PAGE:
2.28.2006

The Noble Coffee that Was

I’ve been debating whether or not to tell this story, but I’ve decided its something I must share.

After a struggle trying to decide what to have for dinner the other night, I settled on frozen steak from the kosher store on Amsterdam.  As I ate this perfect meal of beef and potatoes, I got a call from the team.  They wanted to go to the Village.

As it neared time for the shuttle, I stopped by the library for warmth.  I noticed the random café there was open, so I went to buy a coffee.  The lady told me regular coffee cost a dollar, whereas flavored cost $1.10.  From behind the cashier, she could not see the two urns, so I asked her how she knew what people were buying.  She said she only knew what they told her…

After pouring myself a regular cup and filing it with two packs of sugar and some whole milk (instead of the skim, which was also available), I moved the perilously full cup to the register.  My phone rang at the same time I reached for my wallet, so I used each hand to remove them both from my pockets.  Somehow, in the chaos, the coffee cup exploded.

  Light brown coffee spilled over the counter, into the napkin dispenser, under the register.  A small coffee lake formed at my feet.   All in a matter of seconds.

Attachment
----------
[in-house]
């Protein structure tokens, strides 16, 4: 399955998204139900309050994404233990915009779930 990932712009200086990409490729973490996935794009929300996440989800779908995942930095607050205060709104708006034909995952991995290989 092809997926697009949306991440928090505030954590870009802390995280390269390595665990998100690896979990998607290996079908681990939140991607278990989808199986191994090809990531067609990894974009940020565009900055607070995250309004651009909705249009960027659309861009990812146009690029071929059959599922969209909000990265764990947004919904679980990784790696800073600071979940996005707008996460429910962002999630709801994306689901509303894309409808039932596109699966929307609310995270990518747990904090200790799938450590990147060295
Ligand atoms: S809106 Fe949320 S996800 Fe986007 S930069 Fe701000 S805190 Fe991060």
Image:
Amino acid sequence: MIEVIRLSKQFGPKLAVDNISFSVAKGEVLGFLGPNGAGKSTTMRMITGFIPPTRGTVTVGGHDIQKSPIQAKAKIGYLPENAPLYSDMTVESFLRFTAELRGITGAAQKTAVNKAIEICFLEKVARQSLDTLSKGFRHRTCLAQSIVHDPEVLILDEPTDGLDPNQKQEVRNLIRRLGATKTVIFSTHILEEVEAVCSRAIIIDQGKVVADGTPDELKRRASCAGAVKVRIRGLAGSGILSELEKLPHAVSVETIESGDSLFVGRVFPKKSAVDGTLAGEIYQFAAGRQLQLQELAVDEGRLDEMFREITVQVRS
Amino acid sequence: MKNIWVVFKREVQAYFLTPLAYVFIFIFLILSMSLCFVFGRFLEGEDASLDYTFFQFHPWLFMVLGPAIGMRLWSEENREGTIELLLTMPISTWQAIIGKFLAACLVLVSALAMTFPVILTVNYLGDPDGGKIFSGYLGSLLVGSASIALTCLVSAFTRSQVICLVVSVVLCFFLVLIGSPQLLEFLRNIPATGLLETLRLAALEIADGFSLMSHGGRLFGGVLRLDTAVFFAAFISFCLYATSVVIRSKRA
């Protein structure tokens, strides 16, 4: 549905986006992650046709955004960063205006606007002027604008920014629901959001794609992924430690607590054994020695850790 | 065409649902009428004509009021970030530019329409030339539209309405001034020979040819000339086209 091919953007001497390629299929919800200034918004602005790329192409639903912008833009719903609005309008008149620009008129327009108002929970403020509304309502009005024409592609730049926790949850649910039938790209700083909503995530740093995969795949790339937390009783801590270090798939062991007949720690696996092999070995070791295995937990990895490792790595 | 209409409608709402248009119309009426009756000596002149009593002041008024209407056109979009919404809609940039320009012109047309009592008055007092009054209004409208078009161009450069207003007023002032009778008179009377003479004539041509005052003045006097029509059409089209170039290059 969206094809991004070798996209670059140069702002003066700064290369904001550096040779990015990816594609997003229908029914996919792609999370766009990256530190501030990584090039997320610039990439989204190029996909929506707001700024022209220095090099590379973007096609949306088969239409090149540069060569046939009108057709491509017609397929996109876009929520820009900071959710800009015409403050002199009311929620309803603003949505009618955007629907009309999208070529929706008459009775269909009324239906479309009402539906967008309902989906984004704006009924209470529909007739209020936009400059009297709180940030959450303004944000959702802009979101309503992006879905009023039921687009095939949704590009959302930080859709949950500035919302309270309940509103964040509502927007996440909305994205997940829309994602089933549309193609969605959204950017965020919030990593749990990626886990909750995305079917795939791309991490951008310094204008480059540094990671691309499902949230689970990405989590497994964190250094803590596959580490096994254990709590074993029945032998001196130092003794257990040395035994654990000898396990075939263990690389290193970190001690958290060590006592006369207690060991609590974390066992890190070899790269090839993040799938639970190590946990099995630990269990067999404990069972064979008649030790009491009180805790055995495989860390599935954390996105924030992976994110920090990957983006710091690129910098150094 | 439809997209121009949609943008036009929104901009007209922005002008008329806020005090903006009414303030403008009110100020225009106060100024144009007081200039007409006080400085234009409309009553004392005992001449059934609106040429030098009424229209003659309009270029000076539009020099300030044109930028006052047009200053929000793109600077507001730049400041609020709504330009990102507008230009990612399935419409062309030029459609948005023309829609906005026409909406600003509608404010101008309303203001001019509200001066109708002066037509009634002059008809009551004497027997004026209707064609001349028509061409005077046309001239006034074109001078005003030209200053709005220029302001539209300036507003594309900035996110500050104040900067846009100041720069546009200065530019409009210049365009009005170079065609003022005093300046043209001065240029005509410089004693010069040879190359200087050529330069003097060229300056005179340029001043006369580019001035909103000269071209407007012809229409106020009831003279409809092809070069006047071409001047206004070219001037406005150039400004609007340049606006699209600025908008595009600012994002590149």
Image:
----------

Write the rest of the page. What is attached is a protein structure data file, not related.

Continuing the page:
As I rushed to help the lady clean up the mess, I worried about missing the shuttle.  Subways alone are boring.  We worked together to contain the flood and I sheepishly asked her for a free refill, to which she agreed.  

My new cup in hand, I boarded the shuttle and sat down to enjoy my hard earned drink.  As I took my first sip, I smelled the milk and realized I had eaten meat not 45 minutes before.  I suddenly knew why the first cup committed suicide.  It was to save me from eating milk after meat.  

I didn’t want to sit with a full cup of coffee the whole way down to Stern, so I stood up and asked the full shuttle if anyone wanted some coffee.  A girl in the back asked if it was caffeinated, which I thought was kind of a dumb question.  “Very,” I said, and turned around to offer the drink to the driver.  He looked at me as if I was offering him a bribe or something, so I changed my offer to, “Would you at least throw it out.”

He did, and my ride down was uneventful.  The events to follow have their own tale to tell.  But when I think back on that night, I can’t help but to reflect on that poor cup that gave its life to better my own.  

4 comments:

josh becker said...

wow! alex, it's a real good thing you didn't go to buy a 2-gallon bottle of milk...

tani said...

hey gringo,
Great misfortune (fortune?)! Ever wonder why things like that, things we perceive as Divine intervention are usually violent in nature?...just a question.

I dug.

Ben L. said...

Ever wonder why tani is particularly fascist in nature?

jeremiah said...

hahahaha this was great another weird crazy funny story from alex later dudes